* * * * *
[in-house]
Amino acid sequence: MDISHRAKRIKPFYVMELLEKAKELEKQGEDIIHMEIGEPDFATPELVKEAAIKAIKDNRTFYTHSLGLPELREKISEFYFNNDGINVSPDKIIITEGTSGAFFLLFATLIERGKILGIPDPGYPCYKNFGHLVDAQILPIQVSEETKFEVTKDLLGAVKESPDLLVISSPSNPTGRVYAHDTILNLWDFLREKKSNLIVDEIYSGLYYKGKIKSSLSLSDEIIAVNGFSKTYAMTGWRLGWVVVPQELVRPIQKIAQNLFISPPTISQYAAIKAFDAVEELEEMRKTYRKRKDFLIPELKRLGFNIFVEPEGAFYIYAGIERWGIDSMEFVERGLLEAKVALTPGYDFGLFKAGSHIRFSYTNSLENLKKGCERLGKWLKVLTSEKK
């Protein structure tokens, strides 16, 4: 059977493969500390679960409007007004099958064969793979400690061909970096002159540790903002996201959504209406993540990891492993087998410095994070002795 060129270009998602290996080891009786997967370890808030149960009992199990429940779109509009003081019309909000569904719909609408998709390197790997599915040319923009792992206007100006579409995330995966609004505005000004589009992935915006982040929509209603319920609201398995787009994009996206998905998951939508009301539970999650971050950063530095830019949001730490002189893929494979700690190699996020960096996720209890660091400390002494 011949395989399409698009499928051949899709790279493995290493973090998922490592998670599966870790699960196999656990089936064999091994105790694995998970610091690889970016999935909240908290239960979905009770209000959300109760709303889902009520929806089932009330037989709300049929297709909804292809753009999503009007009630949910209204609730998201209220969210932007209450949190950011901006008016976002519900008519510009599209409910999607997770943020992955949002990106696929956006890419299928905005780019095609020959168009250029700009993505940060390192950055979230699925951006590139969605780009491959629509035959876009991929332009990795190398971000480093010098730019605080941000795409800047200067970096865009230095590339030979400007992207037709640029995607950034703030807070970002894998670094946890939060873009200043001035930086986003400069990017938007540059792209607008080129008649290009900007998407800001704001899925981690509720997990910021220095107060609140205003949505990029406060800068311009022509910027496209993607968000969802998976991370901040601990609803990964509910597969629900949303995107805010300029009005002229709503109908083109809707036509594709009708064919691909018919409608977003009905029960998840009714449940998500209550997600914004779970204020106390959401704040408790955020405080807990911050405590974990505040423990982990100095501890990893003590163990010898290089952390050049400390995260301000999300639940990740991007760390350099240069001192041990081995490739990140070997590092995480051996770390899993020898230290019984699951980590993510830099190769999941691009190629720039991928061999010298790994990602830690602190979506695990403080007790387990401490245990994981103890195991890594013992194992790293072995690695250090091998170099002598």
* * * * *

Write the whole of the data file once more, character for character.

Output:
[in-house]
Amino acid sequence: MDISHRAKRIKPFYVMELLEKAKELEKQGEDIIHMEIGEPDFATPELVKEAAIKAIKDNRTFYTHSLGLPELREKISEFYFNNDGINVSPDKIIITEGTSGAFFLLFATLIERGKILGIPDPGYPCYKNFGHLVDAQILPIQVSEETKFEVTKDLLGAVKESPDLLVISSPSNPTGRVYAHDTILNLWDFLREKKSNLIVDEIYSGLYYKGKIKSSLSLSDEIIAVNGFSKTYAMTGWRLGWVVVPQELVRPIQKIAQNLFISPPTISQYAAIKAFDAVEELEEMRKTYRKRKDFLIPELKRLGFNIFVEPEGAFYIYAGIERWGIDSMEFVERGLLEAKVALTPGYDFGLFKAGSHIRFSYTNSLENLKKGCERLGKWLKVLTSEKK
């Protein structure tokens, strides 16, 4: 059977493969500390679960409007007004099958064969793979400690061909970096002159540790903002996201959504209406993540990891492993087998410095994070002795 060129270009998602290996080891009786997967370890808030149960009992199990429940779109509009003081019309909000569904719909609408998709390197790997599915040319923009792992206007100006579409995330995966609004505005000004589009992935915006982040929509209603319920609201398995787009994009996206998905998951939508009301539970999650971050950063530095830019949001730490002189893929494979700690190699996020960096996720209890660091400390002494 011949395989399409698009499928051949899709790279493995290493973090998922490592998670599966870790699960196999656990089936064999091994105790694995998970610091690889970016999935909240908290239960979905009770209000959300109760709303889902009520929806089932009330037989709300049929297709909804292809753009999503009007009630949910209204609730998201209220969210932007209450949190950011901006008016976002519900008519510009599209409910999607997770943020992955949002990106696929956006890419299928905005780019095609020959168009250029700009993505940060390192950055979230699925951006590139969605780009491959629509035959876009991929332009990795190398971000480093010098730019605080941000795409800047200067970096865009230095590339030979400007992207037709640029995607950034703030807070970002894998670094946890939060873009200043001035930086986003400069990017938007540059792209607008080129008649290009900007998407800001704001899925981690509720997990910021220095107060609140205003949505990029406060800068311009022509910027496209993607968000969802998976991370901040601990609803990964509910597969629900949303995107805010300029009005002229709503109908083109809707036509594709009708064919691909018919409608977003009905029960998840009714449940998500209550997600914004779970204020106390959401704040408790955020405080807990911050405590974990505040423990982990100095501890990893003590163990010898290089952390050049400390995260301000999300639940990740991007760390350099240069001192041990081995490739990140070997590092995480051996770390899993020898230290019984699951980590993510830099190769999941691009190629720039991928061999010298790994990602830690602190979506695990403080007790387990401490245990994981103890195991890594013992194992790293072995690695250090091998170099002598």